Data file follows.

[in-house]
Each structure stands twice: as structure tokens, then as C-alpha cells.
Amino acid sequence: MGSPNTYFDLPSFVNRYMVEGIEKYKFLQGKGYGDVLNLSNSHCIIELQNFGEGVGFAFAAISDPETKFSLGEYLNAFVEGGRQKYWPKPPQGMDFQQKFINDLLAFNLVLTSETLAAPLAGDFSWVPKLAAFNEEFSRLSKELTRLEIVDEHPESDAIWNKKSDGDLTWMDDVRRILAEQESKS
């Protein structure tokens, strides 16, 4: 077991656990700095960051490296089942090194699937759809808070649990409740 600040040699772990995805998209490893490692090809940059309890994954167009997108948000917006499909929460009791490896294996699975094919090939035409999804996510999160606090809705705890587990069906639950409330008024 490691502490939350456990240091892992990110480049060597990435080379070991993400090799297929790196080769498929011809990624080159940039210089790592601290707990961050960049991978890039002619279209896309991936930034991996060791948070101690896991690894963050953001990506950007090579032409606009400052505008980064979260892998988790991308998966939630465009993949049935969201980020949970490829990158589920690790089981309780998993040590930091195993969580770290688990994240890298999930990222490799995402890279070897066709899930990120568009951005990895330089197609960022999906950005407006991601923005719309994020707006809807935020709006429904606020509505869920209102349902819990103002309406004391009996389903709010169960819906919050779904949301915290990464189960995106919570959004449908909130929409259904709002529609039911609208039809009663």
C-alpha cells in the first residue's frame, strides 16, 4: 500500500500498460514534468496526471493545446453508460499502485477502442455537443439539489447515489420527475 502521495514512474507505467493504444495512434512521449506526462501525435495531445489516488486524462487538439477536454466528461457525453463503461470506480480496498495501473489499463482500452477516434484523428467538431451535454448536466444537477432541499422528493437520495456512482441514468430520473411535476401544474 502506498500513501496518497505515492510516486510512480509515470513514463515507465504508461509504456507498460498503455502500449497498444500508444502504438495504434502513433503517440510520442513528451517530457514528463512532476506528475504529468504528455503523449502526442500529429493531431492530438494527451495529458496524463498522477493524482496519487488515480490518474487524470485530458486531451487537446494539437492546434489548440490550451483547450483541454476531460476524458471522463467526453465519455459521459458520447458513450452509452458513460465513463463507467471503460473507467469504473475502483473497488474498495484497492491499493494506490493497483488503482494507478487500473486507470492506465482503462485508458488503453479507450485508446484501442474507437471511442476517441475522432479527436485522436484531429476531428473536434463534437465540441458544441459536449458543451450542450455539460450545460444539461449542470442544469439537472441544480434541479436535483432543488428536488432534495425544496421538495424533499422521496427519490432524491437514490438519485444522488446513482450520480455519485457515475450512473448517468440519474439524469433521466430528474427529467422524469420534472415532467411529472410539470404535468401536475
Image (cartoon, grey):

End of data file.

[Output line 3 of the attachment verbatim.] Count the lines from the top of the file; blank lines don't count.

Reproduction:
Amino acid sequence: MGSPNTYFDLPSFVNRYMVEGIEKYKFLQGKGYGDVLNLSNSHCIIELQNFGEGVGFAFAAISDPETKFSLGEYLNAFVEGGRQKYWPKPPQGMDFQQKFINDLLAFNLVLTSETLAAPLAGDFSWVPKLAAFNEEFSRLSKELTRLEIVDEHPESDAIWNKKSDGDLTWMDDVRRILAEQESKS